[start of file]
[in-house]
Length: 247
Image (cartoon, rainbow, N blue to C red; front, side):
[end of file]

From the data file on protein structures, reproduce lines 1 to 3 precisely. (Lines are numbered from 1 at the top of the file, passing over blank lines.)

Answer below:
[in-house]
Length: 247
Image (cartoon, rainbow, N blue to C red; front, side):